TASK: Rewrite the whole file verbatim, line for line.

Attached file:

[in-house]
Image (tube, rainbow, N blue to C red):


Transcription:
[in-house]
Image (tube, rainbow, N blue to C red):